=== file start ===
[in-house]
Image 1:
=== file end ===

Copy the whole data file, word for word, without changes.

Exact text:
[in-house]
Image 1: